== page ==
But there is the potential downside, too.  Should we water down our "exclusivity" that we enjoy now?  Keep it "special"?  Or is "more the merrier" the proper way to look at it?

Here's a typical request:

Hi Jim - although I'm not technically part of your graduating class (I was a 'XX graduate) I've been keeping up with your website because there were many folks I was friends with in your class. I don't know if you allow non-'68's to join your website but I would love the opportunity if it exists. You have done an excellent job here and I so wish I could see all the pages allowed. Our class had our XXth reunion in October and it was miserable. Very poor planning, execution and follow through so I'm quite jealous of you and your planning committee. Please let me know your guidelines regarding allowing non-members access to the full site. Thanks and blessings on your day, [name withheld]

So there you are.

And by the way: Did you notice that we just passed 34,000 visitors to our little website?  The "rate of acquisition", as we call it in the business, is actually increasing.  

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1)   Simple yes/no question that you can answer in 15 seconds: Should we, as a policy going forward, allow non-classmates to join our website and grant them the same privileges that we all share? You can always come back and change your vote at a later time.

2)   And now you get to spout off about what you think of this idea. Be persuasive in your argument.


Who’s Been Online? (December 24, 2019)

If you go to this PAGE you will find out.

It turns out that quite a few people are checking in on a semi-regular basis. 



10-10-2020 Birthday Party Survey Results

We did this survey a few weeks ago.

I told you about the results but never showed you the actual responses.

Here they are, all 40 of them!  That's a big number for participation in a survey.

Some of you are steadfastly avoiding answering all surveys.  Not sure why that is, but probably has to do with all of us being constantly bombarded with input requests.  I can understand that.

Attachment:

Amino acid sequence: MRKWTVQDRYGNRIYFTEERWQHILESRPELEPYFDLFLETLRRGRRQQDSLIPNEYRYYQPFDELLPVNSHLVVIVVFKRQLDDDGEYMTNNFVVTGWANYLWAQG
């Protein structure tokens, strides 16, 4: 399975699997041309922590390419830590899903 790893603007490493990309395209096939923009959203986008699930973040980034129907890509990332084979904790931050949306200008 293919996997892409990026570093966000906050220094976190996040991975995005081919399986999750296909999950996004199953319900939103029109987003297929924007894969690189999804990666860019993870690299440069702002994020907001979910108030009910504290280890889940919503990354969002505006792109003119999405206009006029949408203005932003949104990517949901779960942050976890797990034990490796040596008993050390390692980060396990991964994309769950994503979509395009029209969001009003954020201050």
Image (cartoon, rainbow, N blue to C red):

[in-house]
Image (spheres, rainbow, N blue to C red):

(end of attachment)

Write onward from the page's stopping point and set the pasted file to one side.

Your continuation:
But this is different.  We aren't trying to sell you anything, really.

Every response tells us what is working and what is not working.  We prefer things that receive a positive response.

As you can see, your responses are anonymous to the class.

Go HERE to see what the class thinks about 10-10-2020.


Show Me the Money

Go HERE to see the rest. 


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1)   Comments?


Birds of a Feather....

.... flock together.

Learn a bit more about this powerful cross-species characteristic.

Also, some great photos.

And a couple surprises at the end.  We have proof!

Go HERE to see a different kind of tweet.

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1)   Comments? Say whatever you like but keep it clean.


Sorry, You Paid Too Much for the 50th Reunion

Did I get your attention with that headline?

I previewed this message with a few of you and received feedback on it.

Some thought the headline was a bit over-the top and abrasive.

So how about this one?

We Have Surplus Funds Due to Great Turnout for Our Events

What should we do with the money?  Who gets to decide?

The purpose of collecting money for group events, like our 50th reunion, is simply to cover the costs of the planned activities and to make sure that the organizers don’t have to cough up their own funds to make it all happen.

That’s it.  End of story.